House of Representatives Energy and Commerce Committee Issues New Report Citing Problems with EPA’s Clean Power Plan
On December 16, 2014, the Energy and Commerce Committee majority staff released a report highlighting what it considers to be the shortcomings with EPA’s Clean Power Plan. These criticisms highlight the ongoing divide over what actions the administration should take to regulate greenhouse gases.
As discussed in a previous post, EPA published a proposal this summer in the Federal Register to create GHG emission standards for existing power plants (the Clean Power Plan). The proposal is considered part of President Obama’s Climate Action Plan that he announced in June 2013.
In the proposal EPA invoked a rarely-used provision in the Clean Air Act, section 111(d), as the statutory authority under which it proposes to require states to meet mandatory carbon dioxide (CO2) targets. EPA is proposing to set individual state GHG reduction targets. The proposed rule includes an individual “interim goal” for each state to meet in 2020 and a “final goal” that states must meet beginning in 2030. These mandatory goals vary among the states and were calculated by EPA based on four building blocks:
- Making coal-fired power plants more efficient;
- Using low-emitting natural gas combined cycle plants more where excess capacity is available;
- Using more zero- and low-emitting power sources such as renewables and nuclear; and
- Reducing electricity demand by using electricity more efficiently.
The proposal allows states latitude to determine how they will meet the regulatory goals. States have the option to use either the rate-based goal or to convert the rate-based goal to a mass-based goal. EPA has proposed that states adopt plans that incorporate a combination of “strategies” and noted that states “may work alone or in cooperation with other states to comply with the proposed rule.” The proposed rule requires that each state submit a plan for meeting these goals to EPA by June 30, 2016. Under the proposed rule, states could either submit individual plans or work together and submit a multi-state plan. The Clean Power Plan proposal is unique in that it involves actions “beyond the fenceline” of the regulated stationary sources. This aspect of the proposal has led many commentators to question whether the Clean Power Plan is actually federally enforceable under section 111(d) of the Clean Air Act.
This proposed rule is likely to have a significant effect on power plants, electric providers and consumers, and the total U.S. GHG emissions. As a result, it has drawn both criticism and support from a wide range of parties. A number of states, regulators, industry groups, and environmental organizations have provided comments to EPA about the substance of the Clean Power Plan. As discussed in this previous post, EPA granted a 45-day extension to the time period for the public to comment on the proposed rule. Comments finally closed on December 1, 2014, and the Agency is now in the process of reviewing comments. According to the Committee report, more than 1.4 million comments were submitted to EPA. President Obama has asked EPA to issue a final rule by June 2015.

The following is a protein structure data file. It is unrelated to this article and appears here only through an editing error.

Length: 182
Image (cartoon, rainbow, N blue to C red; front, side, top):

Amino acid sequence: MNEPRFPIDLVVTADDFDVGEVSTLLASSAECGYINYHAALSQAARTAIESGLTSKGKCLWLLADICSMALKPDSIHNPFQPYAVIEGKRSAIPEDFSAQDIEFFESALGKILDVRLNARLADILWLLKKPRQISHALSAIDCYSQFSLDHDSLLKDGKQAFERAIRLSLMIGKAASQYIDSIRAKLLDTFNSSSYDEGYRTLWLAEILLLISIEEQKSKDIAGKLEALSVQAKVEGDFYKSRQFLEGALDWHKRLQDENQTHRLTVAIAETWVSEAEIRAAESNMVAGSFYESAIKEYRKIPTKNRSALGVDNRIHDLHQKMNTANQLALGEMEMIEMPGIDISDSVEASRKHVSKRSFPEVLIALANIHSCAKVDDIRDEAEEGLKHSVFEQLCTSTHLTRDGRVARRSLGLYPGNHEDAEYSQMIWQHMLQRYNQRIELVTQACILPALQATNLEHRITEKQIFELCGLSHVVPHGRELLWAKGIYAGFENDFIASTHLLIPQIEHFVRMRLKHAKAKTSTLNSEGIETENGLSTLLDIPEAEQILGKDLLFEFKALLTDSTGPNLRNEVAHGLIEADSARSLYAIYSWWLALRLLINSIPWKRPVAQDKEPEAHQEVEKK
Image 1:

The Republican-led House Energy & Commerce Committee has been carefully tracking the Clean Power Plan since it was first released. The energy and power subcommittee first heard testimony regarding the proposal in June from EPA’s Acting Assistant Administrator for Air and Radiation, Janet McCabe. In July, the subcommittee also heard from the Federal Energy Regulatory Commission (FERC) Commissioners. In September, regulatory representatives from Texas, Montana, Arizona, Indiana, Rhode Island, Maryland, and Washington testified before the subcommittee in a third hearing titled, “ State Perspectives: Questions Concerning EPA’s Proposed Clean Power Plan.”
The Committee has also released public announcements regarding studies on the potential costs of the Clean Power Plan. For example, the Committee highlighted a study by NERA Economics (“NERA”) that was critical of the costs associated with the Plan. Now, the Committee’s majority staff has released a report summarizing its finding from the hearings. In the accompanying press release, several Republican members of the Committee voiced their own concerns with the proposal. Much like the report itself, these criticisms centered around the rise in electric costs, the implications for federal and state relations, and questions about EPA’s legal authority to regulate in this manner under the language of the Clean Air Act.
According to Committee Chairman Fred Upton, “It seems like the deeper we dig into this proposal, the more problems we uncover. . . . The administration is trying to push through an unprecedented plan that will fundamentally change the way we generate and consume electricity. And while EPA’s legal authority remains in question, the consequences for consumers and our economy are certain – higher prices, fewer jobs, and reduced reliability. A runaway regulatory train is barreling toward us, and we must do everything we can to stop it.”